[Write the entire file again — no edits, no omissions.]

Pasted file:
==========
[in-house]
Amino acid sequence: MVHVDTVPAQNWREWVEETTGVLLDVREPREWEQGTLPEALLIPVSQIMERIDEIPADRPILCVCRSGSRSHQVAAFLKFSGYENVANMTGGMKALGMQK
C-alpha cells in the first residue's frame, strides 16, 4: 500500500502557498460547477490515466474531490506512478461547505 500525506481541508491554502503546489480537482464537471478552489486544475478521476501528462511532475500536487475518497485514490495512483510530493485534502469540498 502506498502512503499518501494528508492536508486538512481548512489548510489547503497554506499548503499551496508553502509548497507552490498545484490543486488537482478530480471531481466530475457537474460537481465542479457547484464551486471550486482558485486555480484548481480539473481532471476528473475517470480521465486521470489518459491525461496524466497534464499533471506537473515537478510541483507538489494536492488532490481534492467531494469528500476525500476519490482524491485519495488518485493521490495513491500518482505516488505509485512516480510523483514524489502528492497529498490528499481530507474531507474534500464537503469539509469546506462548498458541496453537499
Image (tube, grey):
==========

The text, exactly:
[in-house]
Amino acid sequence: MVHVDTVPAQNWREWVEETTGVLLDVREPREWEQGTLPEALLIPVSQIMERIDEIPADRPILCVCRSGSRSHQVAAFLKFSGYENVANMTGGMKALGMQK
C-alpha cells in the first residue's frame, strides 16, 4: 500500500502557498460547477490515466474531490506512478461547505 500525506481541508491554502503546489480537482464537471478552489486544475478521476501528462511532475500536487475518497485514490495512483510530493485534502469540498 502506498502512503499518501494528508492536508486538512481548512489548510489547503497554506499548503499551496508553502509548497507552490498545484490543486488537482478530480471531481466530475457537474460537481465542479457547484464551486471550486482558485486555480484548481480539473481532471476528473475517470480521465486521470489518459491525461496524466497534464499533471506537473515537478510541483507538489494536492488532490481534492467531494469528500476525500476519490482524491485519495488518485493521490495513491500518482505516488505509485512516480510523483514524489502528492497529498490528499481530507474531507474534500464537503469539509469546506462548498458541496453537499
Image (tube, grey):